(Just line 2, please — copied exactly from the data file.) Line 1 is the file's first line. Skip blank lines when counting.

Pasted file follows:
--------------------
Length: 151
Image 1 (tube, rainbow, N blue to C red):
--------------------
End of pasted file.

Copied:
Image 1 (tube, rainbow, N blue to C red):